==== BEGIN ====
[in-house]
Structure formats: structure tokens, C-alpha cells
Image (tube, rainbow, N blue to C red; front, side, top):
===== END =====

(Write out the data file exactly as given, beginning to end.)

[in-house]
Structure formats: structure tokens, C-alpha cells
Image (tube, rainbow, N blue to C red; front, side, top):